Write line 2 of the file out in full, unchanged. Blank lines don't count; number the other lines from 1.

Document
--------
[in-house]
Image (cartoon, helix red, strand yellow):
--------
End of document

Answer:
Image (cartoon, helix red, strand yellow):